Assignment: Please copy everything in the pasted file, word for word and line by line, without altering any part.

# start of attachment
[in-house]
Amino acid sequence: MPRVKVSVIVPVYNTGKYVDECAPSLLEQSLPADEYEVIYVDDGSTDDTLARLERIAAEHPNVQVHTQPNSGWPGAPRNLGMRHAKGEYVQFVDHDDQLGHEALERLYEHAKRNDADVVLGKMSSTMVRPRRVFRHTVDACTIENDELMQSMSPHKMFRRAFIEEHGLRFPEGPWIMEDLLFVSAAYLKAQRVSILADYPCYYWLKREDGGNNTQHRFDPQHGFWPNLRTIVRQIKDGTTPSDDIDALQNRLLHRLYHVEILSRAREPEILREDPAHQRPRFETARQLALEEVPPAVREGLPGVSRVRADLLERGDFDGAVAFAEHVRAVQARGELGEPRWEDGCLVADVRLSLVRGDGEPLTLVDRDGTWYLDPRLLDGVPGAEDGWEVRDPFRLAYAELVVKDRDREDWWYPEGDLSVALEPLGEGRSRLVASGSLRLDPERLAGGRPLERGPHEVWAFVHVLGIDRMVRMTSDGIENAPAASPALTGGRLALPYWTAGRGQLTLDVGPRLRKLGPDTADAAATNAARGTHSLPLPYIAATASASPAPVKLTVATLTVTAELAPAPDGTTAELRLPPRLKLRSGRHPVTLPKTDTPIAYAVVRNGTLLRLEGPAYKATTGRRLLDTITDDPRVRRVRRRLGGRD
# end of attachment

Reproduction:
[in-house]
Amino acid sequence: MPRVKVSVIVPVYNTGKYVDECAPSLLEQSLPADEYEVIYVDDGSTDDTLARLERIAAEHPNVQVHTQPNSGWPGAPRNLGMRHAKGEYVQFVDHDDQLGHEALERLYEHAKRNDADVVLGKMSSTMVRPRRVFRHTVDACTIENDELMQSMSPHKMFRRAFIEEHGLRFPEGPWIMEDLLFVSAAYLKAQRVSILADYPCYYWLKREDGGNNTQHRFDPQHGFWPNLRTIVRQIKDGTTPSDDIDALQNRLLHRLYHVEILSRAREPEILREDPAHQRPRFETARQLALEEVPPAVREGLPGVSRVRADLLERGDFDGAVAFAEHVRAVQARGELGEPRWEDGCLVADVRLSLVRGDGEPLTLVDRDGTWYLDPRLLDGVPGAEDGWEVRDPFRLAYAELVVKDRDREDWWYPEGDLSVALEPLGEGRSRLVASGSLRLDPERLAGGRPLERGPHEVWAFVHVLGIDRMVRMTSDGIENAPAASPALTGGRLALPYWTAGRGQLTLDVGPRLRKLGPDTADAAATNAARGTHSLPLPYIAATASASPAPVKLTVATLTVTAELAPAPDGTTAELRLPPRLKLRSGRHPVTLPKTDTPIAYAVVRNGTLLRLEGPAYKATTGRRLLDTITDDPRVRRVRRRLGGRD